All levels of government have some sort of spending authority and are required to produce an annual or, in the case of the state legislature, a biennial budget. One of the most important issues is how government manages the money that was raised by taxing large and small businesses and individuals. Some economists paint a very complicated picture of government budgets, how revenue is received, what and how expenditures should be made and the overall effect these relationships will have on the economy. While this more scholarly approach is technically true, it also serves to muddy the waters and make ordinary citizens feel unqualified to understand such “complex” problems.
However, the basic principles of governmental budgets are not hard to understand when put in the proper context. Governmental money management can easily be likened to the money management undertaken by families and small businesses. Simply put, the outgo cannot exceed the income. This is called a balanced budget. All families and businesses must live by this “kitchen table” economics principle or they go bankrupt..
There is only so much income generated per month. The trick is to make sure that one has more money at the end of the month rather than more month at the end of the money. This is where prioritizing and separating “wants” from needs is critical. Questions of how much of the family or business budget to spend on food, clothing, car, vacations, supplies, wages, advertising, etc., are subjects of intense discussion and debate. At the end of the discussion, the outgo cannot exceed the income or the family or business gradually “goes in the hole” financially.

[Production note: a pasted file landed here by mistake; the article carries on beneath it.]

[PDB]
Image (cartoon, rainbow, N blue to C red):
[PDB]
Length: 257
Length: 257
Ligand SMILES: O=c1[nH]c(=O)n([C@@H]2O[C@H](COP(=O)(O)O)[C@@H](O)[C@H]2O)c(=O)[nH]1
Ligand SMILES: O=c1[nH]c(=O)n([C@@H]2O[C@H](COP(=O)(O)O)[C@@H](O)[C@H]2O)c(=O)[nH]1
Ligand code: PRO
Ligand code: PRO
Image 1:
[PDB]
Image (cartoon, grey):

While borrowing is often easy, it presumes on the future being more favorable than the present circumstances. Experience has shown that the future is very hard to predict and that rosy scenarios often prove false.
The state needs to approach its finances in a similar “kitchen table” fashion as the family. It cannot run deficits without suffering the consequences such as default or paying bills with IOU’s. It cannot look to taxes as an endless source of revenue due to fluctuations in the economy. And because the state establishes two year budgets, lawmakers must plan expenditures to account for these possible economic changes. There will be vigorous debate on how monies are spent but at the end of the session the outgo cannot exceed the income or the state “goes in the hole.” In essence, the state needs to balance its checkbook just like you and I have to.
This is a key difference between me and my opponent Jay McNamer. I believe the state must live within its means and I will work to reform and transform state expenditures to bring expenditures in line with revenues. Make no mistake. This won’t be easy. But to keep our state on a path to prosperity, grow jobs and enhance our rural economies, the hard, painful work must be undertaken. Mr. McNamer believes revenue enhancements (tax increases) are needed to cover the additional spending lawmakers believe is needed. I respectfully disagree..
As a father, small business owner, prior Mayor of Browns Valley and school board member, I have had to make tough decisions on spending. I have had to separate “nice to have” items from “must have” items. I have had to reduce, cut or eliminate products, plans and programs to bring expenditures in line with revenues. It hasn’t been easy, but it has been necessary. Intense discussion and debate has always been a part of these budget decisions, whether with my family or business partners or council and school board members, but in the end, we’ve always come together in a united fashion. Isn’t that what elected officials are supposed to do?
Have a different idea? Am I off base in my thinking, or just plain wrong? Don’t hesitate, let me know! I welcome your comments, suggestions, input and constructive criticism. Working together, we can put greater Minnesota’s priorities first!